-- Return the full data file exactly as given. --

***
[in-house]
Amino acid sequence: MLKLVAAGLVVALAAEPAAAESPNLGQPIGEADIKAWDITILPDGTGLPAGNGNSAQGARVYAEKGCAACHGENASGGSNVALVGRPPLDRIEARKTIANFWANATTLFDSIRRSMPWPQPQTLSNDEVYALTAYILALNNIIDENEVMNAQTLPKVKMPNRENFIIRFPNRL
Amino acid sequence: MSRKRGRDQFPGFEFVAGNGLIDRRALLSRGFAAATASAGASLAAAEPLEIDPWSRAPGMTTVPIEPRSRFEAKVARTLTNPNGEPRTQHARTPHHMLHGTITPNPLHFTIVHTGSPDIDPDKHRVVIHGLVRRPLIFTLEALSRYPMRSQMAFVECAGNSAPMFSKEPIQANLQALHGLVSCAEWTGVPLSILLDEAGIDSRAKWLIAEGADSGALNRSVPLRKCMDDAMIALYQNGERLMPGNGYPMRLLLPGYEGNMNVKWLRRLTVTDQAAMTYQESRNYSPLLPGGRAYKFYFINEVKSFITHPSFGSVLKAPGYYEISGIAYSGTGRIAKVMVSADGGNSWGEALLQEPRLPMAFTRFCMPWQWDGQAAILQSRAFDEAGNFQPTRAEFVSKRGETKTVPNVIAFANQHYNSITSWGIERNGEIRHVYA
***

[in-house]
Amino acid sequence: MLKLVAAGLVVALAAEPAAAESPNLGQPIGEADIKAWDITILPDGTGLPAGNGNSAQGARVYAEKGCAACHGENASGGSNVALVGRPPLDRIEARKTIANFWANATTLFDSIRRSMPWPQPQTLSNDEVYALTAYILALNNIIDENEVMNAQTLPKVKMPNRENFIIRFPNRL
Amino acid sequence: MSRKRGRDQFPGFEFVAGNGLIDRRALLSRGFAAATASAGASLAAAEPLEIDPWSRAPGMTTVPIEPRSRFEAKVARTLTNPNGEPRTQHARTPHHMLHGTITPNPLHFTIVHTGSPDIDPDKHRVVIHGLVRRPLIFTLEALSRYPMRSQMAFVECAGNSAPMFSKEPIQANLQALHGLVSCAEWTGVPLSILLDEAGIDSRAKWLIAEGADSGALNRSVPLRKCMDDAMIALYQNGERLMPGNGYPMRLLLPGYEGNMNVKWLRRLTVTDQAAMTYQESRNYSPLLPGGRAYKFYFINEVKSFITHPSFGSVLKAPGYYEISGIAYSGTGRIAKVMVSADGGNSWGEALLQEPRLPMAFTRFCMPWQWDGQAAILQSRAFDEAGNFQPTRAEFVSKRGETKTVPNVIAFANQHYNSITSWGIERNGEIRHVYA